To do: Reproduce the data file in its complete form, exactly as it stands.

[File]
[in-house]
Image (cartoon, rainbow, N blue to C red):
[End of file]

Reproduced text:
[in-house]
Image (cartoon, rainbow, N blue to C red):